Reid's Hotel, Madeira
The Scottish Connection

Reid's Hotel, Madeira

In 1836 a young boy of just fourteen years old arrived in Madeira. His name was William Reid, the son of a Scottish farmer and one of a family of twelve children, who had been recommended for the sake of his health ( as Robert Louis Stevenson also was) to leave the colder, damp and dreich weather of Scotland and move to a warmer climate. His father sent him off to seek his fortune and better health, with 5.00 in his pocket. He worked his passage first to Lisbon and then on to Madeira. With a true sense of Scottish thrift he still had his father's five pounds intact.

The young William first secured a job in a bakery, which did not pay very well despite working long hours through the night. He persevered, saved what money he could but when he observed the developing Madeira wine trade he knew that was the direction to follow. With a keen eye for business he became very successful and by the time he was only 25 he owned a small wine exporting company.

William ReidWilliam Reid was a true entrepreneur with incredible vision. He knew from personal experience that the island of Madeira offered the perfect all year round destination for people requiring a warm climate for health reasons. Summer temperatures rarely rise higher than 27c ( 87f), and in winter, never falling below 10c (52f) with rain falling on only six days a month. Conditions such as TB, bronchitis, colds and fevers were best treated far from the notorious damp fogs of London. Even the Lancet journal recommended the island for consumptive patients; "there is no warm country in the world where the irritating influence of wind and dust is so completely absent as in Madeira."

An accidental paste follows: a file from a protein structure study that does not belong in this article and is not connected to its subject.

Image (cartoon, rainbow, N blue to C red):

This natural beauty thus offered a very lucrative potential in promoting the island for medical reasons as well as for leisure and the opportunity to kickstart a tourism industry in Madeira - before it had properly taken off. It was some time later when Thomas Cook is said to have instigated the idea of travel for tourists through his package deal Grand Tours of Europe.

MadeiraWith a partner, William Wilkinson, Reid developed a property business which involved the letting and administration of the island's quintas - large, private houses owned by the Portuguese aristocracy or foreign merchants. As a forerunner to the current popularity in renting holiday self catering villas, these quintas were let out for the winter season, from October to June, and soon many wealthy British people would spend six to eight months on Madeira, often bringing their entire family, servants, maids and governess.

One such winter visitor was the Marchioness Camden who arrived with her friend, Margaret Dewey. She promptly captivated young William, they fell in love and were married in 1847.

Next page > Reid's Hotels Are Born > Page 1, 2, 3, 4, 5, 6.

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